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  AGRONOMIC NEWS ITEMS
From Agronomists of the
Potash & Phosphate Institute
655 Engineering Drive, Suite 110
Norcross, Georgia 30092-2837
Phone (770) 447-0335

Fall 2000, No. 6

HOW MUCH FERTILIZER DOES IT TAKE TO RAISE SOIL TEST LEVELS?

Many farmers, crop consultants, and fertilizer dealers are asking how much fertilizer it takes to raise soil test phosphorus and potassium levels. Some farmers have been making excellent yields and are concerned that crop removal of nutrients may exceed phosphorus and potassium application rates. For the last several years, many other farmers have been purposely drawing down soil test levels. A continued “draw-down” approach can reduce farm profit potential, increase the risk of yield loss associated with limited soil moisture or surplus moisture, lead to nutritional imbalances with nitrogen and other nutrients, increase environmental risk associated with reduced nitrogen-use efficiency, and make it more difficult to restore phosphorus and potassium fertility to the optimum levels.

Inattention to optimum fertilization is not a sustainable farming practice. A frequent site-specific soil sampling and testing program should be used to identify phosphorus and potassium needs…at least every three years, and preferably every two years. Soil testing should be used to monitor soil test levels, not just to see what the levels are in a given field area. Considered with crop nutrient removal, soil testing can help nutrient management planners use appropriate site-specific rates for the best short-term economic benefits as well as the long-term gain.

Consider the removal of P2O5 and K2O in a corn and soybean (1:1) rotation over seven years, where corn yields average 160 bushels per acre and soybean yields average 45 bushels per acre. An estimated 211 pounds of P2O5 per acre are removed by corn, 108 pounds of P2O5 per acre by soybeans; 139 pounds of K2O per acre are removed by corn and 189 pounds of K2O per acre by soybeans. This amounts to a total removal of 319 pounds of P2O5 per acre and 328 pounds of K2O per acre over seven years. Without replacement fertilization in this time period, soil test phosphorus levels could potentially decrease by as much as 10 to 15 parts per million or 20 to 30 pounds per acre (one part per million is equal to about 2 pounds per acre, based on a soil depth of approximately 6 inches). Soil test potassium levels could decrease by as much as 20 to 40 parts per million (40 to 80 pounds per acre). Obviously, significant damage to soil phosphorus and potassium fertility can occur if fertilizer needs are neglected. The same is true for soybean-wheat rotations, rice-soybean rotations, sorghum and cotton production systems, forage systems, and other cropping scenarios.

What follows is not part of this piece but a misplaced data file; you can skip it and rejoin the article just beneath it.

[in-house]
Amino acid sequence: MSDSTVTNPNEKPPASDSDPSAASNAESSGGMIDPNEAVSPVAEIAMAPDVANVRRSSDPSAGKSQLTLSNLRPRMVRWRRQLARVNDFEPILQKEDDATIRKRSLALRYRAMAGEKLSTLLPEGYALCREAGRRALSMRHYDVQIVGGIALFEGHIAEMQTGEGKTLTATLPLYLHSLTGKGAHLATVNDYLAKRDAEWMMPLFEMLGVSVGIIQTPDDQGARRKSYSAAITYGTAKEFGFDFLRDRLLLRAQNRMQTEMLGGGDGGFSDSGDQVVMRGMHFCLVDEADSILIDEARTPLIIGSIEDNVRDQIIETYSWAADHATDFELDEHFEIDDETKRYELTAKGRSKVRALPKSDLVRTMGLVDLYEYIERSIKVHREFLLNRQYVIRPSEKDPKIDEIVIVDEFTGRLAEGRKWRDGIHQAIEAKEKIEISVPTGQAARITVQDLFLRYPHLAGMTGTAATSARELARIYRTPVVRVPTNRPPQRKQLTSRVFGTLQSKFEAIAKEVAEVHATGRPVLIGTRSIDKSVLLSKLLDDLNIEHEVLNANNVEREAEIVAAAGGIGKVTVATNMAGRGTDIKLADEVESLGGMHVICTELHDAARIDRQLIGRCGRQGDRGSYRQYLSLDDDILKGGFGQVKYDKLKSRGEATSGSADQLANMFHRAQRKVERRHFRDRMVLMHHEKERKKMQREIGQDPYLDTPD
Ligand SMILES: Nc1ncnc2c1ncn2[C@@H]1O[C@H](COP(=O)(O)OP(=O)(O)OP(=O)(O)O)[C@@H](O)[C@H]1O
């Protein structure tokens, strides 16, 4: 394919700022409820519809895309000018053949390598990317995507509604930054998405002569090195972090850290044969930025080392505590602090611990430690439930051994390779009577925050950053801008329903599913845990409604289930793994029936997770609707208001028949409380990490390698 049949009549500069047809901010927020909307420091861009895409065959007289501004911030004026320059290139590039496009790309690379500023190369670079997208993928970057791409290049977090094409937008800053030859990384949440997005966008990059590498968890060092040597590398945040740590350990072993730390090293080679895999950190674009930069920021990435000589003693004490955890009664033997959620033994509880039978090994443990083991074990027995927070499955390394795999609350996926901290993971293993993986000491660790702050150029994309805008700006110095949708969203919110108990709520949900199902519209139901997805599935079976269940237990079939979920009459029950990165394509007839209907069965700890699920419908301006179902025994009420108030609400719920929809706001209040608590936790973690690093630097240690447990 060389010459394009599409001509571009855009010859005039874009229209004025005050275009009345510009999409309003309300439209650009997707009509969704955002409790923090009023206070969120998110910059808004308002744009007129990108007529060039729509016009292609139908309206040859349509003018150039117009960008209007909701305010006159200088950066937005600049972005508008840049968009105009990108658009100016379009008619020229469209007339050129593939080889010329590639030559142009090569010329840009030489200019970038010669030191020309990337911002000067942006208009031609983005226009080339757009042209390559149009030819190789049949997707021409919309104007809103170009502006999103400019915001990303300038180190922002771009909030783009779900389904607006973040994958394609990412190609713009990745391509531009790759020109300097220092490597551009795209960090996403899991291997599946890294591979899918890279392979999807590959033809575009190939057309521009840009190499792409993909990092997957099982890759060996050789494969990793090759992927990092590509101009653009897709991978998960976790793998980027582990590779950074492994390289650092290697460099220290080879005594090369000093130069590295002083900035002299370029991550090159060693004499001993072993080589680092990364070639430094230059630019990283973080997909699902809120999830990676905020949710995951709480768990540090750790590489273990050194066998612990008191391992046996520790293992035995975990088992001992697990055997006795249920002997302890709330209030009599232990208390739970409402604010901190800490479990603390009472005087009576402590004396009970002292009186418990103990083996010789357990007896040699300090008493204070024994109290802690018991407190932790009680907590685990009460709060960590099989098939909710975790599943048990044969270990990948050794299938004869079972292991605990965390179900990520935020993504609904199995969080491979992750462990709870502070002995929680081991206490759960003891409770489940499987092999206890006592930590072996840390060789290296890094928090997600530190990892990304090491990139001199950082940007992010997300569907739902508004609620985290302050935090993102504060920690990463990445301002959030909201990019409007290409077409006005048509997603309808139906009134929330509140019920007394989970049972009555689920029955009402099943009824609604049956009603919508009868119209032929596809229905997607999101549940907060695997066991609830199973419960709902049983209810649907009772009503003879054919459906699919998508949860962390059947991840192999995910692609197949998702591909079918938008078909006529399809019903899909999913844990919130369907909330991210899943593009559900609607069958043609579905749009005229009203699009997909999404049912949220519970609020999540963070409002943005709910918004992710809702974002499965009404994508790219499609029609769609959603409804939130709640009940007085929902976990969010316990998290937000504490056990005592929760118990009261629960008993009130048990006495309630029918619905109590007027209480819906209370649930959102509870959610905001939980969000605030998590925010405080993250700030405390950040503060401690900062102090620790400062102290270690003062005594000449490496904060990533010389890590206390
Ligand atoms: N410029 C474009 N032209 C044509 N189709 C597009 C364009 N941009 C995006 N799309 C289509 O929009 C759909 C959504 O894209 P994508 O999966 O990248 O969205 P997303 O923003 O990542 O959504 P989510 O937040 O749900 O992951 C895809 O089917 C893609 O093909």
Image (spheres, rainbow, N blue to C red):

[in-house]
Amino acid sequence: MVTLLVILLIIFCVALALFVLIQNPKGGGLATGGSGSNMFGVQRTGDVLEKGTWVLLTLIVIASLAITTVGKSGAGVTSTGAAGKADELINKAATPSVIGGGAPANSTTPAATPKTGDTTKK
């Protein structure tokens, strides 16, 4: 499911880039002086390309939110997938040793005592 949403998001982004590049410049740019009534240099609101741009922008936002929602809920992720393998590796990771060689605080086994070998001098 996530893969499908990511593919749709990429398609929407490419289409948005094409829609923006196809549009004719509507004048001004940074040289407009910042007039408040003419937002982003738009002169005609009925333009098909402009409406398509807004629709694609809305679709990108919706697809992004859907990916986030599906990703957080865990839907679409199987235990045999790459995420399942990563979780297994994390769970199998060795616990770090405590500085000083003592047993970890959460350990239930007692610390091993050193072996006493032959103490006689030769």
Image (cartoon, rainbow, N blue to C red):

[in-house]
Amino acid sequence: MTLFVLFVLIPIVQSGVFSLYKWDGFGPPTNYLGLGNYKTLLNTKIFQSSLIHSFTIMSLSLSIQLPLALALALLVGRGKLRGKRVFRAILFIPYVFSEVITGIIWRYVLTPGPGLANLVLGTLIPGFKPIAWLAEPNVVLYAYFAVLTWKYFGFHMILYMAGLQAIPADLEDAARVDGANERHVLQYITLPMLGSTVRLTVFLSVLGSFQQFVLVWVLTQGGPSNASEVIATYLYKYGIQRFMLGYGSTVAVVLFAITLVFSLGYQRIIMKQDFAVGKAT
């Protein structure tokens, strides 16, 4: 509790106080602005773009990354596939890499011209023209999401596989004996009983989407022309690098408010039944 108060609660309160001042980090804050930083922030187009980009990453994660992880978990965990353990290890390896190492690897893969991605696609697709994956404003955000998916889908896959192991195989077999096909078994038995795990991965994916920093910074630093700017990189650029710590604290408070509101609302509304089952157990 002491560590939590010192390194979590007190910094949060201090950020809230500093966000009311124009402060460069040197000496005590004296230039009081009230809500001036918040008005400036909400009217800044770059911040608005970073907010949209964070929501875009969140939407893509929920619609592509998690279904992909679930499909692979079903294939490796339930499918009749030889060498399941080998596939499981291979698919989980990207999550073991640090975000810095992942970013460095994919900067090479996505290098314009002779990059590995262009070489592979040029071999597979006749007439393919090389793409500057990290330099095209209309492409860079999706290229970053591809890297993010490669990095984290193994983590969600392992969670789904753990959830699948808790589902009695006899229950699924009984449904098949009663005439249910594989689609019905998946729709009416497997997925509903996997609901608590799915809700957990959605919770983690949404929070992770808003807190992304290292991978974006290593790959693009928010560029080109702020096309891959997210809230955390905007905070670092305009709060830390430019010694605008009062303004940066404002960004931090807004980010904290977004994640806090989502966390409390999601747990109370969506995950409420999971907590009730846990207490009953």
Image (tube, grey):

Soil test levels can be raised if the rate of P2O5 and K2O application exceeds the rate of removal by the harvested crop(s). A general rule of thumb is: 12 to 28 pounds of P2O5 above crop removal are required to raise the soil test phosphorus level one part per million. It takes about 8 to 16 pounds of K2O above crop removal to raise soil test potassium one part per million. The amounts of P2O5 and K2O required will depend on the initial soil test level, the rate of crop removal, the soil texture, clay minerals present, organic matter level, and tillage system. Knowledge of these relationships gives farmers greater flexibility to manage soil fertility and to negotiate with landlords and lenders.

Many agronomists believe that farmers should consider a 4 to 8-year approach in raising soil test phosphorus and potassium to optimum levels. It is possible to raise levels more quickly, but the economics are often less attractive and the risk of possible runoff losses of phosphorus during intense rainstorms should be considered.

Farmers need to evaluate their phosphorus and potassium fertility program to determine if they have been mining, maintaining, or building soil phosphorus and potassium levels. Planning for optimum fertility now will, 1) raise profit potential, 2) ensure that soil phosphorus and potassium levels do not limit the return on other crop production inputs, 3) reduce the risk of crop damage in years with moisture and temperature extremes, and 4) enhance sustainability and land stewardship.


— CSS —

For more information, contact Dr. Cliff S. Snyder, Midsouth Director, PPI, P.O. Drawer 2440, Conway, AR 72033-2440. Phone: (501) 336-8110. E-mail: csnyder@ppi-far.org


Snyder - AB Fall 2000.pdf
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